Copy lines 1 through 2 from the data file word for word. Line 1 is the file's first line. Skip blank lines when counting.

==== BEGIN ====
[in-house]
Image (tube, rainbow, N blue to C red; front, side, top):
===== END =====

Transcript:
[in-house]
Image (tube, rainbow, N blue to C red; front, side, top):